Gregory Alan Isakov

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Gregory Alan Isakov
Gregory Alan Isakov.jpeg
Background information
Born (1979-10-19) October 19, 1979 (age 39)
Johannesburg, South Africa[1]
Genres
Occupation(s)Singer-songwriter
Websitewww.gregoryalanisakov.com

Gregory Alan Isakov is a singer-songwriter born in Johannesburg, South Africa on October 19, 1979. He and his family emigrated to the United States in 1986 and he was raised in Philadelphia, Pennsylvania.[3] He currently resides in Boulder, Colorado.[4]

Isakov's music combines indie and folk, featuring instruments such as the guitar and banjo — and he is widely known for the songs "The Stable Song", "Big Black Car", "If I Go, I'm Goin" and "Raising Cain". Isakov has released seven albums, most recently Evening Machines in October 2018.[5]

About[edit]

Isakov was born in Johannesburg, South Africa on October 19, 1979. He immigrated with his family to the United States of America in 1986 during the apartheid because his father Nissen started an electronic-engineering business in Philadelphia.[6][7] In Philadelphia, he began touring with a band at the age of 16.[4] Isakov later moved to Colorado to study horticulture at Naropa University.[8] Isakov had played instruments his whole life, but began a life as a professional musician playing occasional gigs while also working as a gardener.[7] His musical career became more serious when he began touring with Kelly Joe Phelps.[8]

In 2003 Isakov self-released his first album Rust Colored Stones.[9] In 2005 he self-released Songs for October. In 2007 he self-released That Sea, The Gambler. In 2009 Isakov self-released This Empty Northern Hemisphere which featured vocals by Brandi Carlile on five tracks and a cover of Leonard Cohen's "One of Us Cannot Be Wrong".[10] In 2013 Isakov created his personal label Suitcase Town Music on which he released The Weatherman.[11][12]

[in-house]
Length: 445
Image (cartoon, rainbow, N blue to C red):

In 2016 Isakov released Gregory Alan Isakov with the Colorado Symphony, an album of eleven of his earlier songs orchestrated by several composers and recorded with the full Colorado Symphony.[6][13] On October 5, 2018 Isakov released Evening Machines on his Suitcase Town Music label.[5]

He has been influenced by the music of Leonard Cohen, Kelly Joe Phelps and Bruce Springsteen.[1] Gregory has played at many music festivals held across the United States, Canada and Europe. Outside of music, he spends his time working in his garden growing market vegetables and medical cannabis outside Boulder, Colorado.[14]

Discography[edit]

  • Rust Colored Stones (2003)
  • Songs for October (2005)
  • That Sea, The Gambler (2007)
  • This Empty Northern Hemisphere (2009)
  • The Weatherman (2013)
  • Gregory Alan Isakov with the Colorado Symphony (2016)
  • Evening Machines (2018)

Appearances in media[edit]

  • The song "Big Black Car" from the 2009 album This Empty Northern Hemisphere was featured in a 2012 McDonald's commercial. Isakov donated the proceeds to non-profit organizations that help further sustainable farming and nurture community.[14]